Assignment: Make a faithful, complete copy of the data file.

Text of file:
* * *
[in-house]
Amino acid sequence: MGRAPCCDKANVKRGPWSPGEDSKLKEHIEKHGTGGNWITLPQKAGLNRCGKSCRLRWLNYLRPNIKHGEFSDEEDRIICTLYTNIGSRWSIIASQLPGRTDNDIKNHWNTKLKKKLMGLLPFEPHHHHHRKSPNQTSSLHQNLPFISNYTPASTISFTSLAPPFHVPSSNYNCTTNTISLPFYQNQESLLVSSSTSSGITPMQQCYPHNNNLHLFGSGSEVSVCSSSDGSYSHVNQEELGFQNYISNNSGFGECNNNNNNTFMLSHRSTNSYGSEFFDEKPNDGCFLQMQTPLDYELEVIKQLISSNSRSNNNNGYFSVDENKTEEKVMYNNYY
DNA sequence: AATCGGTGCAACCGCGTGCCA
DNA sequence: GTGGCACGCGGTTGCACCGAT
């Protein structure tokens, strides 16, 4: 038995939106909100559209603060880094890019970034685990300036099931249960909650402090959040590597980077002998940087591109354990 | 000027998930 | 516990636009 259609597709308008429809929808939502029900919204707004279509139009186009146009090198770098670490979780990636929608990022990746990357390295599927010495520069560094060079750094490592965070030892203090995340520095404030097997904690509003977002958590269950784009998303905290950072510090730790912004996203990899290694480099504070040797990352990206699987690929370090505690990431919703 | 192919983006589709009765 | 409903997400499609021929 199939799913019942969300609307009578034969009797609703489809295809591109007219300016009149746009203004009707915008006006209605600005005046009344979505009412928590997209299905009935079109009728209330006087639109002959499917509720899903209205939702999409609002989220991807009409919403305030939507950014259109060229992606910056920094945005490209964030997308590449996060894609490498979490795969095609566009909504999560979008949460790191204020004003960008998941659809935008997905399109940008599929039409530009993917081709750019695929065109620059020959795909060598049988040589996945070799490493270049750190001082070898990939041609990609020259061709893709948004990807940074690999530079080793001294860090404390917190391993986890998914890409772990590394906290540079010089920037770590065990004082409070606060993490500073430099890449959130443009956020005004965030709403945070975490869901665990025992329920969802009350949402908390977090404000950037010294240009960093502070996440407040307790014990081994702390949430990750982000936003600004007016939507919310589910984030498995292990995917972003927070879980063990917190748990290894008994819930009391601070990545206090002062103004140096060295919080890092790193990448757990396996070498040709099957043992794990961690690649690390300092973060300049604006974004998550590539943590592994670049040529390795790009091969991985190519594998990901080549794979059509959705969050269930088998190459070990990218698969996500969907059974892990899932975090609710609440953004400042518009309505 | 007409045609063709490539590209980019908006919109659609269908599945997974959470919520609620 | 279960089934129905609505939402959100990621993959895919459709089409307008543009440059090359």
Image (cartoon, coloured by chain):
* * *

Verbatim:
[in-house]
Amino acid sequence: MGRAPCCDKANVKRGPWSPGEDSKLKEHIEKHGTGGNWITLPQKAGLNRCGKSCRLRWLNYLRPNIKHGEFSDEEDRIICTLYTNIGSRWSIIASQLPGRTDNDIKNHWNTKLKKKLMGLLPFEPHHHHHRKSPNQTSSLHQNLPFISNYTPASTISFTSLAPPFHVPSSNYNCTTNTISLPFYQNQESLLVSSSTSSGITPMQQCYPHNNNLHLFGSGSEVSVCSSSDGSYSHVNQEELGFQNYISNNSGFGECNNNNNNTFMLSHRSTNSYGSEFFDEKPNDGCFLQMQTPLDYELEVIKQLISSNSRSNNNNGYFSVDENKTEEKVMYNNYY
DNA sequence: AATCGGTGCAACCGCGTGCCA
DNA sequence: GTGGCACGCGGTTGCACCGAT
């Protein structure tokens, strides 16, 4: 038995939106909100559209603060880094890019970034685990300036099931249960909650402090959040590597980077002998940087591109354990 | 000027998930 | 516990636009 259609597709308008429809929808939502029900919204707004279509139009186009146009090198770098670490979780990636929608990022990746990357390295599927010495520069560094060079750094490592965070030892203090995340520095404030097997904690509003977002958590269950784009998303905290950072510090730790912004996203990899290694480099504070040797990352990206699987690929370090505690990431919703 | 192919983006589709009765 | 409903997400499609021929 199939799913019942969300609307009578034969009797609703489809295809591109007219300016009149746009203004009707915008006006209605600005005046009344979505009412928590997209299905009935079109009728209330006087639109002959499917509720899903209205939702999409609002989220991807009409919403305030939507950014259109060229992606910056920094945005490209964030997308590449996060894609490498979490795969095609566009909504999560979008949460790191204020004003960008998941659809935008997905399109940008599929039409530009993917081709750019695929065109620059020959795909060598049988040589996945070799490493270049750190001082070898990939041609990609020259061709893709948004990807940074690999530079080793001294860090404390917190391993986890998914890409772990590394906290540079010089920037770590065990004082409070606060993490500073430099890449959130443009956020005004965030709403945070975490869901665990025992329920969802009350949402908390977090404000950037010294240009960093502070996440407040307790014990081994702390949430990750982000936003600004007016939507919310589910984030498995292990995917972003927070879980063990917190748990290894008994819930009391601070990545206090002062103004140096060295919080890092790193990448757990396996070498040709099957043992794990961690690649690390300092973060300049604006974004998550590539943590592994670049040529390795790009091969991985190519594998990901080549794979059509959705969050269930088998190459070990990218698969996500969907059974892990899932975090609710609440953004400042518009309505 | 007409045609063709490539590209980019908006919109659609269908599945997974959470919520609620 | 279960089934129905609505939402959100990621993959895919459709089409307008543009440059090359």
Image (cartoon, coloured by chain):